Whine Wednesdays: Frequent Flyer Programs Under Threat: Airlines Cutting More And More Benefits, Environmentalists Want To Ban Programs

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Our Whine Wednesdays topic this week is the demise of frequent flyer programs with airlines making it harder and harder to extract value for the average customer to really find value in participating.

Programs have become increasingly revenue centric and less flying activity focused with the changes of United Mileage Plus (John wrote about those here) being the latest victim of these measures.

It’s easy to become nostalgic and think about “the good old days” when obtaining status and getting maximum value from frequent flyer programs for very little investment was the norm – as long as you flew enough and the tickets were cheap.

This is becoming more and more impossible nowadays as almost all programs at least in North America have switched to the revenue centric approach, be it American AAdvantage, Delta Skymiles or United Mileage Plus. Alaska Airlines Mileage Plan is the exception at the moment, still relying on the old “Fare Class plus flight distance” formula to obtain airline status.

Ticketing your flights through an airline partner can have a positive effect (not always) because the programs have no way of determine the ticket value as they do with their own ticket stock. Hence the earning opportunity for award miles is better as the system switches back to determine based on booking class. Another good opportunity are bulk fares sold mainly by consolidators, those don’t have any fare information stored.

The airlines aren’t the only ones making the frequent flyer life harder. Just this week a discussion ensued after environmentalists demanded that frequent flyer miles be banned and frequent travelers be heavily taxed.

CNCB reported on this today as airlines obviously aren’t happy with this push.

Airlines operating in the U.K. have dismissed a report that called for air miles programs to be banned and additional taxes applied to frequent flyers.

In a report published Thursday by Imperial College London for the Committee on Climate Change (CCC), academics proposed several measures that governments should implement to reduce the impact aviation was having on the environment.

The CCC is an independent body that advises the U.K. government on how to build a low carbon economy.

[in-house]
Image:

“Flying is a uniquely high-impact activity and is the quickest and cheapest way for a consumer to increase their carbon footprint,” the report’s authors said before adding, “Low-carbon aviation technology is expected to remain technically unfeasible and so it is vital to restrain rising demand.”

Among recommendations was a call for the U.K. government to “introduce a ban on air miles and frequent flyer loyalty schemes that incentivise excessive flying.”

The report also urged lawmakers to introduce a levy targeting frequent flyers, noting that an estimated 15% of the British population took 70% of the country’s flights. The level of tax would correspond to air miles traveled over a three-year period, as opposed to the number of flights taken. …

I’m not surprised this suggestion once again comes from Europe where people are being regulated and reglemented every step of the way even at the expense of the local economy and companies.

Being incentivized to fly more is a very narrow viewpoint. While going on a mileage run or adding extra segment might make sense in some cases, most people fly simply because they have to or because they like flying. I enjoy traveling, it’s my hobby and there is absolutely no way I’d be giving that up as long as health permits.

So frequent flyers are under threat from both sides of the aisle now. Programs who make it harder to achieve status and benefits unless you drop serious money and then these climate saviors who propagate that flying too much is evil.

Conclusion

One of the big questions one has to ask is if obtaining status with a respective loyalty program is still worth it. I’ve now had United Status for almost 15 years but won’t go along with them after these new changes. I much rather go for another Star Alliance program such as KrisFlyer or ANA Mileage Club and see how easy I can achieve Gold there.

Sometimes status isn’t even needed and instead of investing money and time in obtaining an elite level it’s a better choice to just invest into a well priced Business Class ticket of whatever airline is available and following the “Best Price” principle. Many companies have already done so for years and cancelled their old contracts with individual airlines.

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